Skip to main content

Motion Planning via Manifold Samples


We present a general and modular algorithmic framework for path planning of robots. Our framework combines geometric methods for exact and complete analysis of low-dimensional configuration spaces, together with practical, considerably simpler sampling-based approaches that are appropriate for higher dimensions. In order to facilitate the transfer of advanced geometric algorithms into practical use, we suggest taking samples that are entire low-dimensional manifolds of the configuration space that capture the connectivity of the configuration space much better than isolated point samples. Geometric algorithms for analysis of low-dimensional manifolds then provide powerful primitive operations. The modular design of the framework enables independent optimization of each modular component. Indeed, we have developed, implemented and optimized a primitive operation for complete and exact combinatorial analysis of a certain set of manifolds, using arrangements of curves of rational functions and concepts of generic programming. This in turn enabled us to implement our framework for the concrete case of a polygonal robot translating and rotating amidst polygonal obstacles. We show that this instance of the framework is probabilistically complete. Moreover, we demonstrate that the integration of several carefully engineered components leads to significant speedup over the popular PRM sampling-based algorithm, which represents the more simplistic approach that is prevalent in practice.

This is a preview of subscription content, access via your institution.

Fig. 1
Algorithm 1
Algorithm 2
Algorithm 3
Fig. 2
Fig. 3
Fig. 4
Fig. 5
Fig. 6
Fig. 7
Fig. 8


  1. 1.

    A subdivision of the plane into zero-dimensional, one-dimensional and two-dimensional cells, called vertices, edges and faces, respectively induced by the curves.

  2. 2.

    Considering vertical lines and not vertical slabs as discussed in Sect. 3 is done for simplifying the proof. This is obviously a special case of the same family of manifolds thus the presented proof applies for the case of vertical slabs.


  1. 1.

    Amato, N.M., Wu, Y.: A randomized roadmap method for path and manipulation planning. In: IEEE International Conference on Robotics and Automation, pp. 113–120 (1996)

    Chapter  Google Scholar 

  2. 2.

    Aronov, B., Sharir, M.: On translational motion planning of a convex polyhedron in 3-space. SIAM J. Comput. 26(6), 1785–1803 (1997)

    MathSciNet  Article  MATH  Google Scholar 

  3. 3.

    Avnaim, F., Boissonnat, J., Faverjon, B.: A practical exact motion planning algorithm for polygonal objects amidst polygonal obstacles. In: Geometry and Robotics. Lecture Notes in Computer Science, vol. 391, pp. 67–86. Springer, Berlin (1989)

    Chapter  Google Scholar 

  4. 4.

    Basu, S., Pollack, R., Roy, M.F.: Algorithms in Real Algebraic Geometry, 2nd edn. Springer, Secaucus (2006)

    MATH  Google Scholar 

  5. 5.

    Berberich, E., Fogel, E., Halperin, D., Mehlhorn, K., Wein, R.: Arrangements on parametric surfaces I: General framework and infrastructure. Math. Comput. Sci. 4(1), 45–66 (2010)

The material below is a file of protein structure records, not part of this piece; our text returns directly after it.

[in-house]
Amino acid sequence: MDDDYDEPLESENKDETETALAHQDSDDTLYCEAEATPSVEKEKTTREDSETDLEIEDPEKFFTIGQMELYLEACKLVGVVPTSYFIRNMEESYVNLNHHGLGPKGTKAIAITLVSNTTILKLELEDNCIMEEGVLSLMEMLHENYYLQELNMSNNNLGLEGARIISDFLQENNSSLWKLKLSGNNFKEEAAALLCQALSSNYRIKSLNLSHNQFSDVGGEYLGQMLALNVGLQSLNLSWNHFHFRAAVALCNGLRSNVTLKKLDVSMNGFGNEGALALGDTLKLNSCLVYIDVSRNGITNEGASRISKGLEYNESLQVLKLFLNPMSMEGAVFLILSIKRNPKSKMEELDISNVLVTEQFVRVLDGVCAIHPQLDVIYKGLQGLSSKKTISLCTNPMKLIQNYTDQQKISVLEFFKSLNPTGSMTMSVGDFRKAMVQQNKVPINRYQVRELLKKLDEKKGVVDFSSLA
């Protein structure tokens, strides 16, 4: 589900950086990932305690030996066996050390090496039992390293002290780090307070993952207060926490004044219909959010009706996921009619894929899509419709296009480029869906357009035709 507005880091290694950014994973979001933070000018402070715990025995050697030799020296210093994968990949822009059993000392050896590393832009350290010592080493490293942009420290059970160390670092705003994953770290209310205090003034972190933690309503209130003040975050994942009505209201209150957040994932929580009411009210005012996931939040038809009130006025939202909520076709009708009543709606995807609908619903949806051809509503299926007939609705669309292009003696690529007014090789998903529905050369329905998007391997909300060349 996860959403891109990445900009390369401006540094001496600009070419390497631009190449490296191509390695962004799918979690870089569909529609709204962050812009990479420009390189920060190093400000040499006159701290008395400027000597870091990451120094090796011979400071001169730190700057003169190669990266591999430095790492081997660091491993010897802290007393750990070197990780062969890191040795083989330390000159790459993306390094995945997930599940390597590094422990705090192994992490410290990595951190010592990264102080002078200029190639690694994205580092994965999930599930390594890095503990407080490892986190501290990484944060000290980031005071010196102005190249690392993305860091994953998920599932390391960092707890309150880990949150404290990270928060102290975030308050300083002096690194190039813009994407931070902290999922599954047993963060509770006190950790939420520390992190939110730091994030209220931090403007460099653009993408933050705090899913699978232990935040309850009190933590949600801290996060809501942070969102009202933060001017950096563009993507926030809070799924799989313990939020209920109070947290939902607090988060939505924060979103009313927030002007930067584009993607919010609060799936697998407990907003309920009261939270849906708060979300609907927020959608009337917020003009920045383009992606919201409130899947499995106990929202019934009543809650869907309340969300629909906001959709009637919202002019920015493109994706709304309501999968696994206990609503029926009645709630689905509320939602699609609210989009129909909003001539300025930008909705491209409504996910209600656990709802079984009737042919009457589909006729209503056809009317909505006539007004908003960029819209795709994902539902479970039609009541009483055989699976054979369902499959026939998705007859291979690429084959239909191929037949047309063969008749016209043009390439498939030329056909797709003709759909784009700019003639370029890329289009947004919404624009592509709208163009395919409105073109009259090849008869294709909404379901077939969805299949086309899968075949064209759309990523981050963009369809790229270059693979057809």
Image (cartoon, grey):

MathSciNet  Article  MATH  Google Scholar 

  6. 6.

    Berberich, E., Hemmer, M., Kerber, M.: A generic algebraic kernel for non-linear geometric applications. In: Symposium on Computational Geometry, pp. 179–186 (2011)

    Google Scholar 

  7. 7.

    Berenson, D., Srinivasa, S.S., Ferguson, D., Kuffner, J.J.: Manipulation planning on constraint manifolds. In: International Conference on Robotics and Automation, pp. 625–632 (2009)

    Google Scholar 

  8. 8.

    Canny, J., Donald, B., Ressler, E.K.: A rational rotation method for robust geometric algorithms. In: Symposium on Computational Geometry, pp. 251–260 (1992)

    Google Scholar 

  9. 9.

    Canny, J.F.: Complexity of Robot Motion Planning (ACM Doctoral Dissertation Award). MIT Press, Cambridge (1988)

    Google Scholar 

  10. 10.

    Chazelle, B., Edelsbrunner, H., Guibas, L.J., Sharir, M.: A singly exponential stratification scheme for real semi-algebraic varieties and its applications. Theor. Comput. Sci. 84(1), 77–105 (1991)

    Article  MATH  Google Scholar 

  11. 11.

    Choset, H., Burgard, W., Hutchinson, S., Kantor, G., Kavraki, L.E., Lynch, K., Thrun, S.: Principles of Robot Motion: Theory, Algorithms, and Implementation. MIT Press, Cambridge (2005)

    Google Scholar 

  12. 12.

    Şucan, I.A., Moll, M., Kavraki, L.E.: The open motion planning library. IEEE Robotics & Automation Magazine (2012).

  13. 13.

    De Berg, M., Cheong, O., van Kreveld, M., Overmars, M.: Computational Geometry: Algorithms and Applications, 3rd edn. Springer, Berlin (2008)

    Google Scholar 

  14. 14.

    Dobrowolski, P.: An algorithm for computing the exact configuration space of a rotating object in 3-space. Int. J. Comput. Sci. 39(4), 363–376 (2012)

    Google Scholar 

  15. 15.

    Fogel, E., Halperin, D.: Exact and efficient construction of Minkowski sums of convex polyhedra with applications. Comput. Aided Des. 39(11), 929–940 (2007)

    Article  MATH  Google Scholar 

  16. 16.

    Fogel, E., Halperin, D., Wein, R.: CGAL Arrangements and Their Applications—A Step-by-Step Guide, Geometry and Computing vol. 7. Springer, Berlin (2012)

    Book  Google Scholar 

  17. 17.

    Hachenberger, P.: Exact Minkowski sums of polyhedra and exact and efficient decomposition of polyhedra into convex pieces. Algorithmica 55(2), 329–345 (2009)

    MathSciNet  Article  MATH  Google Scholar 

  18. 18.

    Halperin, D., Sharir, M.: A near-quadratic algorithm for planning the motion of a polygon in a polygonal environment. Discrete Comput. Geom. 16(2), 121–134 (1996)